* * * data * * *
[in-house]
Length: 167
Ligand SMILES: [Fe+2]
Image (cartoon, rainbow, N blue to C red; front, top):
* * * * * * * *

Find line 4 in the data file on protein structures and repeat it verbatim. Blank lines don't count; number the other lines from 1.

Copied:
Image (cartoon, rainbow, N blue to C red; front, top):